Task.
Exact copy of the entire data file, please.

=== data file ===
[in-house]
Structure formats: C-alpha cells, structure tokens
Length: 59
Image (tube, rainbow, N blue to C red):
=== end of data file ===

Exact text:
[in-house]
Structure formats: C-alpha cells, structure tokens
Length: 59
Image (tube, rainbow, N blue to C red):